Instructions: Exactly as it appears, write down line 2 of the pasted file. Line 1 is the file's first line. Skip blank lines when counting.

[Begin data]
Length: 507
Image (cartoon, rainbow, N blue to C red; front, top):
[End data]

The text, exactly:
Image (cartoon, rainbow, N blue to C red; front, top):